Following upon this, the CBIRC promulgated the Notice on Issuing the Solvency Regulatory Rules for Insurance Companies (“Notice 34”) on 2 July 2018. Notice 34 is the one of the first steps in the transition to mutual recognition of the two regimes. Essentially, it provides that, when a Chinese insurer cedes risk to a qualified Hong Kong reinsurer, a lower (vis-à-vis other foreign reinsurers) risk factor will apply and the capital requirement of the Chinese insurer will be reduced accordingly. This amounts to granting preferential treatment to Hong Kong reinsurers and Notice 34 will doubtless increase the prominence of Hong Kong reinsurers and brokers in China’s reinsurance sector.

Notice 34 and the Framework Agreement are best understood in the context of the Greater Bay Area Initiative, a much broader effort to economically integrate the Hong Kong and Macao Special Administrative Regions with the surrounding Chinese cities of the Pearl River Delta. This burgeoning mega-city will play a key role in the Belt Road Initiative and in its economy as a whole. Further integration of Hong Kong’s economy into the Greater Bay Area will likely provide additional opportunities for foreign insurers and insurance intermediaries to access China’s insurance market.

CIRC / CBIRC Industry Reforms

Throughout 2018, the CIRC/CBIRC and other authorities continued to implement the wave of reforms that they had initiated in 2017. These reforms are meant to address excessive risk and reorient China’s insurance industry towards long-term sustainable growth. The extraordinary chain of events that led up to this massive reform campaign and the key reforms enacted in 2018 as a result thereof are discussed in further detail in the full report, which can be downloaded here.

Overhaul of Financial Regulatory Bodies

Beginning in late 2017, the central government totally restructured China’s financial regulatory system. Its first step was to establish a super regulator, the Financial Stability Development Committee (the “FSDC”). On 13 March 2018, the National People’s Congress announced the merger of the China’s insurance and banking regulators to create the China Banking and Insurance Regulatory Commission, which will cede some powers to the People’s Bank of China and work under the supervision of the FSDC. This reorganization is meant to address the high systemic risk which has plagued China’s financial system in recent years and which many observers have linked to the fragmentary nature of its regulatory system.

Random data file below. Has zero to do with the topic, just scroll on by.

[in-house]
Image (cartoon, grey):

Looking Forward to 2019

Many observers predict that premium income growth, which figured at 3.92% in 2017, will rapidly accelerate as insurers adjust to new economic and regulatory conditions. For instance, Swiss Re Group anticipate 10% premium income annual growth in 2019 and 2010. Beyond strong premium income growth, however, predictions are difficult. Though the Chinese central government and the CBIRC have made their plans and objectives very clear, it remains to be seen whether the China-US trade war, China’s economic slowdown or other factors will shift the industry’s direction. As discussed below, there are already signs that the central government is recalibrating its economic policy away from deleveraging and reform and towards stimulus. Ultimately, if the CBIRC’s can continue to advance its reform and liberalization agenda, we predict the emergence of an insurance industry that will be very hospitable to foreign investment and will see increased activity by foreign insurers and intermediaries.

Highlights of China’s Insurance Industry

China has considerable potential for insurance industry growth. By the end of 2017, its insurance penetration rate had reached a modest but respectable 4.42% (2.59% in life insurance and 1.83% in non-life). By comparison, Hong Kong and Taiwan have very high penetration rates of 15% and 16% respectively. Indeed, China has a massive USD 18 trillion “protection gap” that is projected to increase to USD 46 trillion by 2020. Given the rapid state of development and reform of China’s insurance industry, it is difficult to summarize current market conditions. In general terms, China’s insurance industry is still maturing and has significant room to grow. Foreign insurers’ market share is currently modest. However, new regulations, along with economic and social growth drivers, have created conditions that are conducive to their expansion.